Eleanor wishes all a very happy Christmas (as they say in England). Clasping her hands together in wishful thinking, she admits to herself that her Christmas would be complete with a special visit from (you guessed it!) that handsome Lord Hugh. Will he arrive with all his knights to toast the Christmas Eve in the Great Hall? She gazes out the window at her forests, hoping against hope she will see his entourage making its way through the trees. Do you think he can put aside his quarrel with her for just one day and feel the Christmas spirit? Ah, truth be told, he does have feelings for her, as well, but chooses to try and ignore them. We never know what the magic of Christmas can bring, dear readers!
Eleanor greets Valentine’s Day with a mixture of dread and longing….After all, that handsome Lord Hugh is never far from her thoughts, but oh, so far from her embrace! But, how can she wish to be with him, be held by him, when, at the same time, she dreads his presence? ‘Tis a constant frustration, to be sure, because when she sees him and his intense, blue-eyed gaze, her heart races, and yet, once he speaks in that condescending tone, chiding her for allowing poachers to ravage their forests, fury bubbles up in her, and she has to stifle the sarcastic words she would be so happy to say, but knows she should not. After all, he threatens to arrange to have her forests remanded to her liege lord, the disgusting Lord Litchfield, so to anger him further would not be politic. Ah, but Valentine’s Day….if only the forest problem could be resolved, then, then, perhaps she could receive her Valentine’s Day hope. What think you, dear reader?
Eleanor is particularly thrilled this New Year! By looking at the above image, can you imagine why? Indeed, her face feels warm, her heart is beating quickly, and her hands are clasped in hope — perhaps, perhaps, this will be the year she can find true love! Of course, the very, very last person she would want to fall in love with is that arrogant, supercilious Lord Hugh, he of the piercing blue-eyed gaze that shakes her to her core. Eleanor frowns and unclasps her hands, doubling them into fists. Nay! she tells herself. She shall not quail under that gaze, but meet it headlong and vanquish him. How can he have the nerve to suggest that mismanagement of her forests is to blame for the rampant poaching both of their forests are experiencing? Most certainly not! Someone dastardly and connniving is at the bottom of this poaching, and she is determined to discover who it is. In the meantime, she does wish that being in the same room as Lord Hugh did not send her heart racing. It must be caused by anger, right, dear reader?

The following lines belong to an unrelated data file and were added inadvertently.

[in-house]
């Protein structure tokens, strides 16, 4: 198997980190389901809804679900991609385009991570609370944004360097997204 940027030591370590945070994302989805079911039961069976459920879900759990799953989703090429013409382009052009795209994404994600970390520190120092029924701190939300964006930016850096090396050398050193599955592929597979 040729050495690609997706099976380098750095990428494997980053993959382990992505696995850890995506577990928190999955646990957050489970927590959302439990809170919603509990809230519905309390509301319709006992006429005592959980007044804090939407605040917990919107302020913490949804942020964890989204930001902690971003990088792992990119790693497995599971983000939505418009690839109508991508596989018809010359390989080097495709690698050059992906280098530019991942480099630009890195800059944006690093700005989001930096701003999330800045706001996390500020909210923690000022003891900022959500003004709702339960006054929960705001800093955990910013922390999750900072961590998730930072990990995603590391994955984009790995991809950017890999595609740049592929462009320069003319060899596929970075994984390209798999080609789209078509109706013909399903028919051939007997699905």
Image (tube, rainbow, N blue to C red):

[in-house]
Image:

Ah, yes, Eleanor is no Cinderella, she who owns her lands and chase and castle as a fief from the wretched Lord of Litchfield, but, she has the wherewithal and spunk to defeat most anyone. Most of all, she would like to defeat Lord Hugh, who, at the moment is aggravating her to the umpteenth degree by being his usual arrogant self, disparaging her ability to manage her lands and forest, and, heavens forfend, impugning her honor by accusing her of being so inept that the poachers have almost overridden both their chases. But, all that said, Lady Eleanor would love to write something that would sting Lord Hugh into recognition of her abilities and her honor and her integrity. But, for that, she may need to be published….and even then, if he were to read it, would he be able to infer her longing for him, despite her rancor? So many mixed emotions, dear reader. What think you?
Eleanor is quite thrilled that National Limerick Day is coming up. In anticipation, she has been taking quill to parchment and composing a few of her own.
There once was a Lord named Hugh
Who consistently caused a “to-do.”
Whether he grinned at the wenches